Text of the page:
With its open floor plan and sparse contemporary furnishings, this stone barn in the vineyards of Napa Valley looks more like a city loft than a country house. Which is exactly the point, say architects Elizabeth Ranieri and Byron Kuth. After the 1989 Loma Prieta earthquake made a mess of the 116-year-old structure, the owner took the opportunity to open a gallery and office for a small private art foundation in what had been an antique shop downstairs. She asked the San Francisco-based architects for a complete redesign of the structure--gallery and office on the first floor, a new home with plenty of space and light on the second.
After discovering that the building had no foundation and needed extensive seismic retrofitting, Ranieri and Kuth, working with local architect Jim Jennings, set to work. They repointed the stone, rebuilt the wood floors (rift-sawn maple was first matched, then bleached) and replaced the roof with pitched rafters to stabilize the walls. By installing a perimeter skylight, they created the open room that dominates the second floor and the illusion that the ceiling floats above the entire space like a tent.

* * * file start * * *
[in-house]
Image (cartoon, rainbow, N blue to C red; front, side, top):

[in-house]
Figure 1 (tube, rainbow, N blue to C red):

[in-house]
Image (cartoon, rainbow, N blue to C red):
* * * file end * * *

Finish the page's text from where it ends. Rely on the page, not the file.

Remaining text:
"The owner wanted a loft, but she is also a pragmatist who wanted a couple of rooms," Kuth says. The architects solved the problem with flexible walls. The kitchen features a "utility wall" that rolls out on wheels to define the space. A small corner with pivoting translucent screens becomes a private bedroom. And finally, the designers conceived an addition, a small concrete tower that serves as a cozy salon.
Ranieri and Kuth labored to find just the right finishing touches. The utility wall is covered with book-matched sycamore veneer; the bathroom wall, lustrous automobile paint. And, though they many fixtures were fabricated, Ranieri laughs: "We now know every door handle you can buy in the Bay Area."
Once a primitive stone shell, the building has emerged a thoroughly modern home in which living isn't rigidly compartmentalized. "We started with something practical and built up a poetic order related to use." Practically poetic, this loft opens up a space for the imagination.
Styled by Jody Thompson Kennedy